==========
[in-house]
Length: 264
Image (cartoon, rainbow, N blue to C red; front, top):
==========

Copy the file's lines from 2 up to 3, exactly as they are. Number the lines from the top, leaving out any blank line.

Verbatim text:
Length: 264
Image (cartoon, rainbow, N blue to C red; front, top):